8 found
Order:
See also
Eugene Halton
University of Notre Dame
  1. The Living Gesture and the Signifying Moment.Eugene Halton - 2004 - Symbolic Interaction 27 (1):89-113.
    Drawing from Peircean semiotics, from the Greek conception of phronesis, and from considerations of bodily awareness as a basis of reasonableness, I attempt to show how the living gesture touches our deepest signifying nature, the self, and public life. Gestural bodily awareness, more than knowledge, connects us with the very conditions out of which the human body evolved into its present condition and remains a vital resource in the face of a devitalizing, rationalistic consumption culture. It may be precisely these (...)
    Download  
     
    Export citation  
     
    Bookmark   3 citations  
  2. Mind Matters.Eugene Halton - 2008 - Symbolic Interaction 31 (2):119-141.
    The great divide of modern thought is whether mind is real or naught. The conceit that either mind is reducible to matter or that mind is utterly ethereal is rooted in a mind-versus-matter dichotomy that can be characterized as the modern error, a fatally flawed fallacy rooted in the philosophy and culture of nominalism. A Peircean semiotic outlook, applied to an understanding of social life, provides a new and full-bodied understanding of semiosis as the bridge between mind and matter, and (...)
    Download  
     
    Export citation  
     
    Bookmark  
  3.  86
    The Degenerate Monkey.Eugene Halton - 2014 - In Torkild Thellefsen & Bent Sorensen (eds.), Charles S. Peirce in his Own Words: 100 years of Semiotics, Communication and Cognition. Berlin, Germany: pp. 245-251.
    The chapter discusses the following quotation from Charles Peirce: "One of these days, perhaps, there will come a writer of opinions less humdrum than those of Dr. (Alfred Russel) Wallace, and less in awe of the learned and official world...who will argue, like a new Bernard Mandeville, that man is but a degenerate monkey, with a paranoic talent for self-satisfaction, no matter what scrapes he may get himself into, calling them 'civilization,' and who, in place of the unerring instincts of (...)
    Download  
     
    Export citation  
     
    Bookmark  
  4.  56
    Eden Inverted: On the Wild Self and the Contraction of Consciousness.Eugene Halton - 2007 - The Trumpeter 3 (23):45-77.
    The conditions of hunting and gathering through which one line of primates evolved into humans form the basis of what I term the wild self, a self marked by developmental needs of prolonged human neoteny and by deep attunement to the profusion of communicative signs of instinctive intelligence in which relatively “unmatured” hominids found themselves immersed. The passionate attunement to, and inquiry into, earth-drama, in tracking, hunting, foraging, rhythming, singing, and other arts/sciences, provided the trail to becoming human, and provide (...)
    Download  
     
    Export citation  
     
    Bookmark  
  5.  17
    Review of Habermas Theory of Communicative Action. [REVIEW]Eugene Halton - 1989 - Symbolic Interaction 12:333-360.
    Jürgen Habermas’s two-volume Theory of Communicative Action is at once an attempt to develop a socially-based theory of action as an alternative to the subjectivist and individualist underpinnings of much of social theory, a “two-level concept of society that connects the ‘lifeworld’ and ‘system’ paradigms,” a critical theory of modernity which retains the enlightenment ideal of rationally-grounded societies, and a theory of meaning rooted in a developmental logic of world­historical rationality. Habermas seeks to find a via media between totalitarian closure (...)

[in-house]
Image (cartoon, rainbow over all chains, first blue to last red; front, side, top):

Download  
     
    Export citation  
     
    Bookmark  
  6.  38
    Planet of the Degenerate Monkeys.Eugene Halton - 2013 - In John Huss (ed.), In Planet of the Apes and Philosophy. Chicago, IL, USA: Open Court Chicago. pp. 279-292.
    In the words of Charles Peirce from 1901, “man is but a degenerate monkey, with a paranoic talent for self-satisfaction, no matter what scrapes he may get himself into, calling them ‘civilization…’” Peirce’s concept of degenerate monkey draws attention both to our neotenous or prolonged newborn-like nature as “degenerate” in the mathematical sense of a genetic falling away from more mature genomes of other primates, and also to our monkeying around with the long evolutionary narrative of foraging, through the advent (...)
    Download  
     
    Export citation  
     
    Bookmark  
  7.  21
    A Long Way From Home: Automatic Culture in Domestic and Civic Life.Eugene Halton - 1992 - In Floyd W. Rudmin & Marsha Richins (eds.), Meaning, Measure, and Morality of Materialism. Provo, UT, USA: pp. 1-9.
    A Long Way From Home: Automatic Culture in Domestic and Civic Life criticizes tendencies toward automatism in American culture and modern life, and calls for a recentering of domestic and civic life as a means to revitalize social life. Keywords: Automatic Culture, Autonomy Versus Automatic, Moral Homelessness, Materialism, The Great American Centrifuge, Consuming Devices, Home Cooking, From the Walled City to the Malled City, Malls, Vaclav Havel.
    Download  
     
    Export citation  
     
    Bookmark  
  8. The Reality of Dreaming.Eugene Halton - 1992 - Theory, Culture and Society 9 (4):119-139.
    Dreaming is a communicative activity between the most sensitive archive of the enregistered experience of life on the earth, the brain, and the most plastic medium for the discovery and practice of meaning, the mind or culture. Both love and war have been made on the basis of dreams, not to mention scientific discoveries. In ancient Greece dreams were medicinal parts of curative sleeping or "incubation" rites in the temple of Aesculapius, and many psychoanalytic physicians today still consider dreams as (...)
    Download  
     
    Export citation  
     
    Bookmark   2 citations